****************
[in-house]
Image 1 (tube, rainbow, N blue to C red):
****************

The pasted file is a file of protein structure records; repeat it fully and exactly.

[in-house]
Image 1 (tube, rainbow, N blue to C red):